Cross Your Fingers That House Ultras Reject Short-Term Debt Ceiling Hike

A blog about business and economics.
Oct. 10 2013 11:25 AM

Cross Your Fingers That House Ultras Reject Short-Term Debt Ceiling Hike

WASHINGTON, DC - OCTOBER 09: Guys, we need a plan.

Photo by Mark Wilson/Getty Images

House Republican leaders are now floating the idea of a six-week increase in the debt ceiling, which would essentially allow the shutdown fight to continue as a war of hashtags and anecdotes about National Parks while forestalling the serious economic trauma of a debt ceiling breach. Substantively, this move would achieve nothing. Procedurally, it's an effort to keep doing what John Boehner does best—keep his caucus together.

That's why the best hope for the country is to keep your fingers crossed that the ultras in the House reject the plan.

The key to the whole drama thus far has been that while mainstream GOP representatives don't necessarily approve of the course the least-compromising segment of their caucus has chosen, they don't want to actually have a fight with them about it. The "true conservative" brand has enormous strength and prestige inside Republican Party politics, and very few members actually want to find themselves in an above-board intra-party fight in which they don't get to be the true conservatives.

But that's a problem for Boehner and Eric Cantor and their supporters. For the country, the leadership's focus on caucus unity is a disaster. As Robert Costa says, if this gambit fails then the leadership may have no choice other than to accept the need to split their caucus and come up with a plan that Democrats will also support. That's what the country needs—bipartisan center-out majorities to reopen the government and avoid default, not strategies built from the right-in whose purpose is to preserve the strength of the GOP caucus.

Matthew Yglesias is the executive editor of Vox and author of The Rent Is Too Damn High.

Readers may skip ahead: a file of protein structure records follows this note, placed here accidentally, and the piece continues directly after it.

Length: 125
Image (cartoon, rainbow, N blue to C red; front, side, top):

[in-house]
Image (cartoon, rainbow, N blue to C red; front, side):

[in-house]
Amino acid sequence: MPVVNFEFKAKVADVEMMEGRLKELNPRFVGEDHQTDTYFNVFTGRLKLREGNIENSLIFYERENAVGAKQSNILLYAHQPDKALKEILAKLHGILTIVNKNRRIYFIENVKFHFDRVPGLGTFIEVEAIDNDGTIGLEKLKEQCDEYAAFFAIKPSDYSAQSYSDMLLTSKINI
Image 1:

The Democrats’ War at Home

How can the president’s party defend itself from the president’s foreign policy blunders?

Congress’ Public Shaming of the Secret Service Was Political Grandstanding at Its Best

Michigan’s Tradition of Football “Toughness” Needs to Go—Starting With Coach Hoke

Windows 8 Was So Bad That Microsoft Will Skip Straight to Windows 10

A Plentiful, Renewable Resource That America Keeps Overlooking

Animal manure.


Cringing. Ducking. Mumbling.

How GOP candidates react whenever someone brings up reproductive rights or gay marriage.

Building a Better Workplace

You Deserve a Pre-cation

The smartest job perk you’ve never heard of.

The Ludicrous Claims Women Are Pitched at “Egg Freezing Parties”

Piper Kerman on Why She Dressed Like a Hitchcock Heroine for Her Prison Sentencing

Oct. 1 2014 11:48 AM An Up-Close Look at the U.S.–Mexico Border
  News & Politics
The World
Oct. 1 2014 12:20 PM Don’t Expect Hong Kong’s Protests to Spread to the Mainland
Business Insider
Oct. 1 2014 12:21 PM How One Entrepreneur Is Transforming Blood Testing
Oct. 1 2014 11:59 AM Ask a Homo: A Lesbian PDA FAQ
  Double X
The XX Factor
Sept. 30 2014 12:34 PM Parents, Get Your Teenage Daughters the IUD
  Slate Plus
Behind the Scenes
Oct. 1 2014 10:54 AM “I Need a Pair of Pants That Won’t Bore Me to Death” Troy Patterson talks about looking sharp, flat-top fades, and being Slate’s Gentleman Scholar.
Brow Beat
Oct. 1 2014 12:26 PM Where Do I Start With Leonard Cohen?
Future Tense
Oct. 1 2014 11:48 AM Watch a Crowd Go Wild When Steve Jobs Moves a Laptop in This 1999 Demonstration of WiFi
  Health & Science
Bad Astronomy
Oct. 1 2014 12:01 PM Rocky Snow
Sports Nut
Sept. 30 2014 5:54 PM Goodbye, Tough Guy It’s time for Michigan to fire its toughness-obsessed coach, Brady Hoke.